What leaders do differently to thrive and grow?
Several companies today run an outdated leadership development programs based on the success model for the world that was, not the world that is or that is coming. A Ted talk by Roselinde Torres, an expert on leadership, throws some light on - what makes great leaders tick? In the session conducted by her, she highlighted results from a study conducted on 4,000 companies. 58% of the companies cited significant talent gaps for critical leadership roles. That means that despite corporate training programs, off-sites, assessments, coaching, all of these things, more than half the companies had failed to grow enough great leaders.
So the big question, she asks is - Why are the leadership gaps widening when there's so much more investment in leadership development today? She distils some fine characteristics of leaders and practices adopted by them that enabled them to grow their potential manifolds. She shares three significant insights on what can be done for building effective leadership.
1. Great leaders are not head-down: They see around corners, shaping their future, not just reacting to it. Roselinde explains a practice adopted by a leadership team - where they bring together each member who collects trends that impact them and trends that impact another team member and make decisions based on them and strategize accordingly.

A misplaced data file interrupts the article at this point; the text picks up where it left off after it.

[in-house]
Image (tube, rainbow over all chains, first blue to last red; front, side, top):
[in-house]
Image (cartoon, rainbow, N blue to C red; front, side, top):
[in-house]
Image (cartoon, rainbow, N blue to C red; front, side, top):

2. Ability to network beyond comfort zone: Everyone has a network of people whom they are comfortable with. Good leaders have the ability to develop relationships with people that are very different from them. The differences may be - biological, physical, functional, political, cultural, socio-economic. And yet, despite all these differences, good leaders are able to connect with them and are able to win their trust, so much so that, their network co-operate with them in achieving their goals. Great leaders understand that having a more diverse network is a source of pattern identification at greater levels.
3. Go along to get along: Good leaders are courageous enough to abandon a practice that they have used to be successful in the past. Generally, people prefer to keep going with what's familiar and comfortable to them. Great leaders dare to be different and take risks, not just talk about them.